In this week’s news roundup we hear from popular Korean performer DJ Soda, who said she felt “embarrassed and humiliated” after being molested at the Osaka Music Circus Festival. We also report on Typhoon Lan, the National Memorial Service for War Dead at the Nippon Budokan and Taro Kono’s decision to return part of his salary due to My Number errors. In men’s soccer, Wataru Endo looks set to complete his surprise move to Liverpool. Plus, there are plenty of goals for Japanese players in Europe and the women’s team return home from New Zealand. 

DJ Soda ‘Shocked and Scared’ After Being Groped in Osaka  

South Korean performer Hwang So-hee, better known by her stage name DJ Soda, said she was “shocked and scared” after being groped at a festival in Osaka on Sunday. The popular DJ and model took to Instagram to tell her 5 million followers about the ordeal. After getting closer to fans at the end of the gig, she said that “not one, but several people,” touched her chest and that she was “helplessly sexually harassed by them.” She also hit back at those who criticized her for wearing a revealing outfit. 

“No matter what clothes I wear, sexual harassment and assault cannot be justified,” she wrote. “I have the freedom to wear what I want to wear and no one can judge people by how they dress. My body is mine, not someone else’s. I like to wear revealing clothes and I will continue to wear them.” Japanese singer Gackt also hit out at those who condemned DJ Soda’s clothing. “Do you want a country where people can’t dress the way they want?” he wrote on social media platform X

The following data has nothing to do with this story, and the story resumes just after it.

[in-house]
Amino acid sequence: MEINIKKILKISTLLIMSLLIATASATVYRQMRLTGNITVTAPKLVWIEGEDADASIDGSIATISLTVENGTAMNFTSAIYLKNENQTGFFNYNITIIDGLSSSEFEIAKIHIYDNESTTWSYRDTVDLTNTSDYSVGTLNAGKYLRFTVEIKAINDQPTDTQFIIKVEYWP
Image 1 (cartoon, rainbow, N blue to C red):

Typhoon Lan prompted evacuation warnings for thousands in western Japan

Typhoon Lan Leaves Trail of Destruction in West Japan 

More than 60 people were injured as Typhoon Lan made its way to western Japan earlier this week. Most of the injuries occurred in Osaka and Hyogo prefectures. It’s the first typhoon to cross the Japanese coast this year, having made landfall near Cape Shionomisaki in Wakayama Prefecture early on Tuesday morning. The storm left a trail of destruction in its wake, including a road that was washed away in Tottori city. According to NHK, more than 1,800 people in 844 households there were left stranded as a result of the downpours.  

Japan Airlines (JAL) and All Nippon Airways (ANA) canceled over 560 flights between them, affecting around 50,000 passengers. With road and rail access cut off, hundreds of people were forced to stay overnight at Kansai Airport. Services on the Tokaido Shinkansen Line between Nagoya and Shin-Osaka were stopped. As were bullet train services between Shin-Osaka and Okayama stations. Early on Wednesday, the Tokaido-Sanyo Shinkansen Line halted operations between Tokyo and Hakata because of heavy rain in Shizuoka Prefecture. Though operations resumed later in the day, disruptions continued into Thursday.  

PM Warns Against Repeating Mistakes of the Past at War Memorial Service 

Japan commemorated the 78th anniversary of the end of World War II with a ceremony at the Nippon Budokan on Tuesday. Around 2,700 people were initially expected to attend, but due to Typhoon Lan, bereaved family members from 10 prefectures were unable to make it. Consequently, the final figure was below 2,000. During his speech, Prime Minister Fumio Kishida emphasized the importance of learning from past mistakes. “More than 3 million of our compatriots lost their lives during the war. We must never again repeat the devastation of war,” he said 

The PM added, “Taking the lessons of history deeply into our hearts, we have made all possible efforts for world peace and prosperity.” There was, however, no mention of Japan’s wartime aggression. The last Japanese prime minister to do so was Yoshihiko Noda in 2012. Emperor Naruhito also spoke at the event. “Reflecting on our past and bearing in mind the feelings of deep remorse, I earnestly hope that the ravages of war will never again be repeated,” he said. At noon, a moment of silence was observed for those killed during the conflict.